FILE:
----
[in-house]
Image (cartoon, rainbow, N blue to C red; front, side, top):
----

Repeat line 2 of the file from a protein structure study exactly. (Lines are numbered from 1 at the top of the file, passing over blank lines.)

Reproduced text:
Image (cartoon, rainbow, N blue to C red; front, side, top):